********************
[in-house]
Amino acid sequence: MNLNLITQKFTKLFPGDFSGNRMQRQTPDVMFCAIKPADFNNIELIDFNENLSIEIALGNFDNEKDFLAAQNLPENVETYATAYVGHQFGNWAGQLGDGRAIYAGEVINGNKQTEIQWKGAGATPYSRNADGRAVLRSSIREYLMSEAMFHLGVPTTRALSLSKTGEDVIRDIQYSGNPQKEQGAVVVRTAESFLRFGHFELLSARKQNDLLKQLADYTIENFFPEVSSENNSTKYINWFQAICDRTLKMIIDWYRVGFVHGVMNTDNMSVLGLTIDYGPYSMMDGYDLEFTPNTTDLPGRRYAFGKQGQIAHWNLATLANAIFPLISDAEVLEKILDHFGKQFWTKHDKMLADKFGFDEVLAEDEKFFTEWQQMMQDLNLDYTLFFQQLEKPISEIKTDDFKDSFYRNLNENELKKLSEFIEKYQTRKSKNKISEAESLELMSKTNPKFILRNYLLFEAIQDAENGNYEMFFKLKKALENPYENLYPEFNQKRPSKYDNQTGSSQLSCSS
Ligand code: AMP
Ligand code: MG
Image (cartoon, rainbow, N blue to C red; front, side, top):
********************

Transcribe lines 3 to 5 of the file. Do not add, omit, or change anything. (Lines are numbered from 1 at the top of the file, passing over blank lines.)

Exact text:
Ligand code: AMP
Ligand code: MG
Image (cartoon, rainbow, N blue to C red; front, side, top):